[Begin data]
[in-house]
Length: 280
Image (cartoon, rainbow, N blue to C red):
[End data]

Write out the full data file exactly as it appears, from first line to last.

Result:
[in-house]
Length: 280
Image (cartoon, rainbow, N blue to C red):